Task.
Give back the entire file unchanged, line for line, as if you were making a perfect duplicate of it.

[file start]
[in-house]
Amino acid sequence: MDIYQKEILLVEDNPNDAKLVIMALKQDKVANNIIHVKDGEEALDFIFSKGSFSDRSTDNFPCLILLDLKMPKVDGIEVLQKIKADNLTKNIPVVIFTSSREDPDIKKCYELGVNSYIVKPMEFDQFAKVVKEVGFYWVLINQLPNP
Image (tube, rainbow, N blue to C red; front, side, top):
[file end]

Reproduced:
[in-house]
Amino acid sequence: MDIYQKEILLVEDNPNDAKLVIMALKQDKVANNIIHVKDGEEALDFIFSKGSFSDRSTDNFPCLILLDLKMPKVDGIEVLQKIKADNLTKNIPVVIFTSSREDPDIKKCYELGVNSYIVKPMEFDQFAKVVKEVGFYWVLINQLPNP
Image (tube, rainbow, N blue to C red; front, side, top):